Edit: this previously said that the effects would even out – which they would not.
Even with a circular current, there would be effects that don’t even out over the course of a long race. These add up to a few tenths of a second for the swimmers in the outer lanes of the 800 and the 1500. In a race that was decided by seconds, this would not have affected the final result ordering. But in a 50, a difference of a couple tenths of a second due to a push or a pull could be the difference between a medal and not. It’s hard to know how fast a swimmer should go in a 50, but thankfully we can compare multiple performances by the same swimmer from heats to semifinals to finals. If a swimmer moves from a purportedly unfavored lane (like 2) to a purportedly favored lane (like 7), does that lead to a faster time? We would definitely expect it not to! I looked at all the 50s (all strokes where possible) across the same five meets (no stroke 50s in the Olympics so fewer data points in the Trials and Olympics charts) and tried to tease out the impact of lane change (simply new line minus old lane) on performance improvement (new time divided by old time). For instance, Etiene Medeiros swam a 24.82 in prelims out of lane 2, then a new South American record of 24.45 in the semifinal out of lane 8, then a 24.69 in finals out of lane 1. This means that with a lane change of +6, she had a performance change of -1.49%, and with a lane change of -7 she had a performance change of +0.98%.
Here are the full results, along with lines of best fit and regression statistics:
As before, we see basically no impact in Nationals, Kazan, or Trials. Very low correlation, and the slope has very little predictive power. Perfect.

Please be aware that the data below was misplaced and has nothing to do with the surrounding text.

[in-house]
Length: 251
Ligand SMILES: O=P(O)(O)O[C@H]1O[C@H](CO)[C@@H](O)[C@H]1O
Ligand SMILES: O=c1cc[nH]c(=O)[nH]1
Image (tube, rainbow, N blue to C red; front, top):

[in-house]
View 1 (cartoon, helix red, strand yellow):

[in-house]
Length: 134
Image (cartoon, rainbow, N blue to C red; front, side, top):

But in Barcelona and Rio? That’s a tremendous effect. 48% of the improvement in time in Rio, and 36% in Barcelona, can be explained by moving from the left hand side of the pool to the right hand side, with an extremely small pvalue. The slope is large as well, 0.2% improvement per lane as swimmers move to the higher lane numbers. That doesn’t seem like a lot, but consider that 2nd through 4th place in the womens 50 free came from the favored lanes and just 0.1 seconds separated Simone Manuel in 2nd (from lane 7) from Ranomi Kromowidjojo in 6th (from lane 3). That’s 0.4% of the race, and it looks as if Manuel got a relative 0.8% boost.
These results are very disconcerting to me, but do not in and of themselves prove that there is a problem. However, the data strongly point to serious problem in the pool which could have led to an unfair competitive environment, especially in the 50m freestyles. I think it should be investigated.
1) Marcelo Acosta in Kazan split his 800m at 3:52.8 / 4:19.6. It was an extreme outlier in the dataset as far as split consistency went, so I think it’s safe to exclude.
2) For example, here are the first few splits of Henrik Christiansen’s finals performance in Rio after dropping the first 100 meters. It’s the last row that I’m interested in, which ensures that the alleged current has the same sign in both directions:
To find out more about this, go to Barry’s next other post. This was written by and courtesy of Barry Revzin.